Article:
The Team That Chases Down Online Threats to the President
It’s easy to find angry words on Twitter and Facebook, but who should be punished and how much time should the U.S. spend doing so?
When President Obama launched his Twitter account in May, people noticed his rapid accumulation of followers, a silly back-and-forth with President Clinton, but also something more serious: the number of hostile and threatening messages directed at the president.
Sifting through those messages to determine which, if any, need to be taken seriously is the responsibility of the Secret Service Internet Threat Desk, a group of agents tasked with identifying and assessing online threats to the president and his family. The first part of this mission—finding threats—is in many ways made easier by the Internet: all you have to do is search! Pulling up every tweet which uses the words “Obama” and “assassinate” takes mere seconds, and the Secret Service has tried to make it easier for people to draw threats to its attention by setting up its own Twitter handle, @secretservice, for users to report threatening messages to.
But if the Internet makes it easier to find threats directed at the president, it can also make it harder to figure out which ones should be taken seriously. The sheer volume of threatening messages online, the lack of context, and the ease with which users can shield their identities all contribute to the challenges of assessing online threats. One series of tweets addressed to @POTUS that caught the Secret Service’s attention—at least enough to warrant an in-person visit from an agent—came from a user with the handle @jeffgully49 and included a picture showing a doctored version of the president’s campaign posters with his head in a noose and the word “HOPE” changed to “ROPE.” The messages were apparently posted by Jeff Gullickson of Plymouth, Minnesota, who was later visited at his home by a Secret Service agent. “The agent from the secret service was cordial,” Gullickson wrote in an email to MPR News, adding that the agent just wanted to be sure his tweets were not serious threats.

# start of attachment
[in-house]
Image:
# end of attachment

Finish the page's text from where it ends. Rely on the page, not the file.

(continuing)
Making sure that Gullickson was not a threat required more than just an analysis of his online comments—it called for offline contact, an in-person visit, an assessment of who he was and what he was like face-to-face, not just on the Internet. Context is crucial for evaluating the seriousness of threats—both digital and analog—but online threats offer a slightly different set of contextual clues than their offline counterparts. And while much of the hate-filled commentary on the Internet is routinely written off as hyperbole and ranting, threats directed at the president are not so easily dismissed. So, every day, the Secret Service Internet Threat Desk is faced with the unenviable task of taking seriously some of the most extreme online rhetoric and trying to identify potential assassins or terrorists in the deluge of venomous messages directed at the president and his family.